The exemplary systems and method disclosed herein are usable in conjunction with integrated circuit chips. For example, the disclosed systems and methods may be silicon complementary metal-oxide-semiconductor (CMOS) compatible. The exemplary systems and methods disclosed herein are suitable to provide a high bandwidth, high coupling efficiency, low power consumption, single layer and easily manufacturable optical interconnect architecture with a very small footprint.

Referring now to the drawings, FIGS. 1-3 illustrate an exemplary optical interconnect system 100 in accordance with aspects of the present invention. System 100 may be used as part of an integrated circuit chip. As a general overview, system 100 includes a substrate 110, an optical waveguide 130, and modulators 150. Additional details of system 100 are described herein.

Substrate 110 is a base layer of optical interconnect system 100, as illustrated in FIG. 1. In an exemplary embodiment, substrate 110 is the substrate of the integrated circuit chip. Substrate 110 includes electrical circuitry 170 for controlling the operation of optical interconnect system 100. Electrical circuitry 170 of substrate 110 includes metal interconnections, such as one or more metal interconnect layers, and metal vias electrically connecting the one or more metal interconnect layers. In a preferred embodiment, substrate 110 is a conventional CMOS silicon substrate. Suitable materials for forming substrate 110 will be known to one of ordinary skill in the art from the description herein. Additional details regarding electrical circuitry 170 will be provided below.

Optical waveguide 130 is disposed on substrate 110, as shown in FIG. 1. Optical waveguide 130 at least partially confines a beam of light. Optical waveguide 130 may comprise, for example, a dielectric waveguide, a flexible waveguide film, and/or one or more optical fibers. Materials for optical waveguide 130 may be chosen in order to minimize the loss of the light (e.g., leakage through the walls of the waveguide) during transmission of the light through the waveguide. Optical waveguide 130 may include multiple channels for the propagation of light. Optical waveguide 130 may further include low-loss waveguide crossings and/or turns.

Suitable materials for forming optical waveguide 130 include, for example, conventional optical waveguide polymers. Suitable optical polymer materials include AZ P4620 and Microposit SPR220-4.5. Other suitable materials will be known to one of ordinary skill in the art from the description herein.

Optical waveguide 130 includes a plurality of waveguide portions 132 and a plurality of coupling structures 134, as shown in FIGS. 1-3. In an exemplary embodiment, optical waveguide 130 includes a first waveguide portion 132a extending to a first coupling structure 134a, a second waveguide portion 132b extending from the first coupling structure 134a to a second coupling structure 134b, and a third waveguide portion 132c extending from the second coupling structure 134b. It will be understood by one of ordinary skill in the art that optical waveguide 130 is not limited to the above components, but may include additional waveguide portions 132n and coupling structures 134n as desired.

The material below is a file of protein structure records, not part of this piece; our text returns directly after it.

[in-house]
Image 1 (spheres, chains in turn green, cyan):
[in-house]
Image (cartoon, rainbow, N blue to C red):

Coupling structures 134 are disposed within optical waveguide 130. Coupling structures 134 couple light propagating through waveguide portions 132 onto modulators 150. Coupling structures 134 further couple light reflected from modulators 150 back into waveguide portions 132. Coupling structures 134 may comprise any structures adapted to redirect light. Exemplary embodiments of coupling structure 134s are described below.

In one exemplary embodiment, coupling structures 134 are tapered ends of waveguide portions 132, as illustrated in FIGS. 1 and 2. In this embodiment, coupling structure 134a includes a tapered end 136a of first waveguide portion 132a that is configured to redirect light propagating through first waveguide portion 132a onto modulator 150a. The coupling structure 134a further includes a tapered end 136b of second waveguide portion 132b that is configured to redirect light reflected from modulator 150a into the second waveguide portion 132b. Tapered ends 136 of the waveguide portions 132 are spaced from each other by a gap. Tapered ends 136 of coupling structure 134 may be configured to redirect light based on their shape, and based on the materials of the waveguide portions 132, as would be understood to one of ordinary skill in the art from the description herein. For example, when a waveguide with a refractive index of 1.4 is used, a pair of flat tapered ends 136 with angles greater than 45 degrees may be used with an air gap in the middle to redirect the light onto the modulator 150. For another example, tapered ends may have round, circular faces, as shown in FIGS. 1 and 2. The selection of tapered ends 136 that maximize the coupling of light onto modulator 150 will be understood to one of ordinary skill in the art from the description herein.

In another exemplary embodiment, coupling structures 134 are prism elements, as illustrated in FIG. 3. In this embodiment, coupling structure 134a is a prism element positioned between waveguide portions 132a and 132b. Coupling structure 134a is configured to redirect light transmitted through first waveguide portion 132a onto modulator 150a. Coupling structure 134a is further configured to redirect light reflected from modulator 150a into second waveguide portion 132b. Prism elements may be configured to redirect light based on the shape, size, or materials used to form the prism, as would be understood to one of ordinary skill in the art from the description herein. Suitable materials for forming prism elements include, for example, Si, GaAs, GaP, InP, InAs, Ge, GaSb, AlN, BN, InSb, C, InN, GaN, LiNbO3, polymers, optical glasses, photoresists, and other optical materials that can meet the desired index contrast between the prism element and the optical waveguide. Other suitable materials for forming coupling structures 134 will be understood by one of ordinary skill in the art from the description herein.